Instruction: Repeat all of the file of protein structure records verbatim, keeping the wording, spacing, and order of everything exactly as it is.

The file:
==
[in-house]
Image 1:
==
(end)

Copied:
[in-house]
Image 1: